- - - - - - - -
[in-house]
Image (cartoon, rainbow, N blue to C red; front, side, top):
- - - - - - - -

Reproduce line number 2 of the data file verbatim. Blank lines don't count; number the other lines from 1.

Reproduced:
Image (cartoon, rainbow, N blue to C red; front, side, top):